Matt Pinner, Shed Artist of the Week.

What first drew you to photography? 
My Grandad left me his tripod in his will. I thought it was good out of respect to buy a camera. I fell in love and never looked back!
Corfe castle in the mist by Matt Pinner

Corfe castle in the mist by Matt Pinner

What is your favourite photographic memory, and why? 
Corfe Castle Sunrise I took on 22/11/15and then waking up to it going global on social media.
Who is your favourite photographer, and why? 
Stephen Banks AKA Dorset Scouser – he’s inspiring by being the first Dorset landscaper photographer doing the Milky Way at night.
What would be your ideal camera, and where would you take it? 
The Sony Alpha A7S Mark II or Phase One, the level for details are amazing.
Tell us what you enjoy most about your own work, and what has inspired you recently.
What I enjoy most is being outdoors and the freedom. What I most like about my own work is getting the feedback even the negative comments as they help me the most. What has inspired me most recently is watching my work go global.It’s an amazing feeling watching one photo hit every news paper in the UK and EU and being my own work is something I’m really proud of.
Do you have bursts of creativity – and when/where are you most creative?
What are the most important elements of a successful photo? A successful photo is the one you have to be out here to take. You ’miss every photo you don’t take’.
Corfe Castle by Matt Pinner

Corfe Castle by Matt Pinner

How do you spend a creative day? 
Out in Dorset’s amazing Landscapes which is some of the best in the UK in my opinion!

Andy Lyons, Shed Artist of the Week.

My road into the photography world has only just begun though I’m hoping it is going to be a long and successful one.
I’m quite a techno geek, by that what I really mean is that I love my toys and that’s how the photography thing began. I bought a Nikon D3200 a few years ago with the main aim behind this being to try and highlight the work we as volunteers do on the RNLI (Royal National Lifeboat Institution) charity saving lives at sea. A fellow lifeboat crew member based down in Torbay (Nigel Millard) was busy publicising the work with dramatic shots at sea during rescues and training exercises and has subsequently published a book about it. This was my initial idea too, albeit on a much smaller scale. However, trying to hold on to a camera and not fall over the side of the boat is certainly challenging so while you may not see that many pictures on here currently involving the lifeboat its not through a lack of trying!
With this all in mind landscape and seascape photography was starting to take over my mind set. I live in a beautiful part of the world and so try to publicise that to others to appreciate. I think we take for granted where we live sometimes.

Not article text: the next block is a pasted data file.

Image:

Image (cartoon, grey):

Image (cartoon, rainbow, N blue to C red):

A splash at the Banjo by Andy Lyons

A splash at the Banjo by Andy Lyons

The first picture that had some ‘wow’ to it was caught the day after a storm had gone threw, the clouds were clearing away, the sun was rising and the occasional wave would smash against the end of the ‘Banjo Pier’ in Swanage – I captured this one shot, hand held and on a programmed setting on the camera. People still comment on this shot but nearly two years down the line I look at it and know given the chance I could do it so much better, partly because of new camera and lenses!
There’s a certain amount of ‘copying’ within the photo industry, I think that’s a given and probably has been and always will be and I’ve certainly learnt an awful lot from others in the area. I’m lucky enough to be friends with Andy Farrer who has just been awarded the Landscape Photographer of the year award who’s work I’ve studied, read his blogs and been lucky enough to shoot with on occasions.
That all said, I do love to get a shot that no-on else can get which got me thinking of how can I get a shot that no-one else can get. One idea I had was during the exceptionally strong tides which married up nicely with sunrise for an idea at Old Harry Rocks. The rock formations there have been photographed millions of times I expect but after a 3.30am Sunday morning alarm call, long and slippery walk I was greeted with this superb opportunity to shoot it all from the base of the cliffs instead of above it! We have done plenty of training on the lifeboats there and have clambered around the cliff bases so I had an idea of what I wanted and thankfully it all married up nicely.
I’ve had so many nice comments on this picture but the one comment that comes across a lot is the fact that you feel as if you are actually there looking through the arch! Nice comments and positive feedback is always nice to hear but one thing I like most about this picture is that no one can try to replicate it…. well not till next August at least :)
Where my onward journey in the photography world takes me who knows….. I just hope it has a slightly different or unique flavour to it mixed with some of the ‘classics’ that ultimately people will appreciate (and perhaps buy from the Shed Gallery of course :) )

Caring about the community, Caroline Collett.

 

The Shed is very much a community and, for many of us, that’s a really important aspect of the whole thing.

I love the summer and winter shows in Lyme Regis, for example and discovering new talent there, such as artist and ceramicist Odile Moreno, whose work is all over my house and my friends’ houses too, now that I’ve got into the dangerous new habit of commissioning. Ceramics Anonymous, here I come!

And so, in the spirit of community, I shall finish my much-appreciated ‘Artist of the Week’ slot by highlighting the work of four other Shedders, whose work is particularly catching my eye right now.

Lois Wakeman

I have one of Lois’s images in my living room and I can’t think of a greater compliment than to want to live with someone’s work day in and day out!

Her subject matter is often similar to that of many of us living and working on the Jurassic coast – the sun, sea and beach, coastal buildings or found objects. But whilst many seek simply to capture nature at its best, Lois’s own eye meets the world head-on. She seems able to clear away all the visual clutter and the noise and really hone in, with great simplicity and compositional skill, on a single element or colour.

Roller Coaster’ encapsulates this ability perfectly:

Roller Coaster by Lois Wakeman

Roller Coaster by Lois Wakeman

 

Tim Starkey

A new-ish arrival to The Shed (I think), who has only posted a small number of images – but they’re all absolutely great: strong silhouettes, vibrant colour and original composition. This image is my favourite because it’s so cinematic – ‘Misty Forest‘.